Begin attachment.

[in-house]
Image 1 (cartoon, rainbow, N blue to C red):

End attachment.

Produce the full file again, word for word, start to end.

[in-house]
Image 1 (cartoon, rainbow, N blue to C red):